by David Goldstein, Ventura County Public Works Agency, IWMD

Three local events on Tuesday and Wednesday of this week celebrated Public Works Week, raising awareness of the way Public Works are connected to the environment.

Informational and display booths, demonstrations, presentations and hands-on stations in Oxnard, Thousand Oaks and Ventura highlighted work such as revegetation with native and drought tolerant plants; measuring rain and stream flows; composting with worms; developing solar power; building landscape channels to remove trash and sediment from our watersheds; installing raptor perches and nesting facilities for owls and hawks to help control rodents burrowing into neighboring levees; and installing porous surfaces to filter storm water, capture pollutants, reduce flooding, diminish runoff to the ocean and re-charge underground aquifers with much-needed water.

For school groups on field trips to these events, as well as for other members of the public who attended, learning about the environmental work of public works agencies may also lead to discovery of career options. Those wanting to work in the public interest and help the environment can apply for jobs with public works agencies. Some jurisdictions have their own websites for jobs. For example, Thousand Oaks uses http://www.toaks.org/departments/human-resources/employment.

Others have jurisdiction-specific space on shared websites devoted to similar jobs. For example, the city of Ventura uses https://www.jobaps.com/VEN/sup/images/default.asp, and many jurisdictions list their jobs available under the city or county heading on a “government jobs” website. For example, the Oxnard event publicized https://www.governmentjobs.com/careers/cityofoxnard during the Public Works Week event, and the Ventura County Public Works Agency’s event at the County Government Center highlighted https://www.governmentjobs.com/careers/ventura for county jobs.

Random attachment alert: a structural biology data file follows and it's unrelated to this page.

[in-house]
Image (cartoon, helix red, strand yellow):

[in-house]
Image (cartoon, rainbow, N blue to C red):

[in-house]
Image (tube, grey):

The county and many local cities have special opportunities for students’ summer employment, and these are also accessible through the same websites, usually by typing “student” into the search function.

Those unconcerned about career options still found many ways to connect to public works this week. At a “Pledge to Recycle” booth at the County Government Center event, attendees committed to one of the public works services provided at every curbside. Using markers, stencils, stamps and other art supplies, students on school tours made and signed colorful and creative posters pledging to recycle. Students who participated received a reusable lunch sack or BPA-free reusable water bottle, to further encourage their commitment to reduce, reuse and recycle.

City of Ventura booths at the County of Ventura event provided prizes, along with information about storm-water pollution prevention, household hazardous waste and green business certification. The city also demonstrated the equipment used for fixing potholes.

Public Works connect residents to their communities and accomplish important environmental work.